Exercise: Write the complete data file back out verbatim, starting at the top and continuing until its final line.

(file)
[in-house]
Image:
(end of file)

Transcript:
[in-house]
Image: